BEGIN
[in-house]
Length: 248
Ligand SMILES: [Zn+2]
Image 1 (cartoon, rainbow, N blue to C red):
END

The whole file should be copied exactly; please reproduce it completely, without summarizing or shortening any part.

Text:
[in-house]
Length: 248
Ligand SMILES: [Zn+2]
Image 1 (cartoon, rainbow, N blue to C red):